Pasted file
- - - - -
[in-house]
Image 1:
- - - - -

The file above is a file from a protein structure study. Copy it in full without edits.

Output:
[in-house]
Image 1: